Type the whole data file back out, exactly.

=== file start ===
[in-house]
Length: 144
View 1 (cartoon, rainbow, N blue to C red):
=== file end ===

[in-house]
Length: 144
View 1 (cartoon, rainbow, N blue to C red):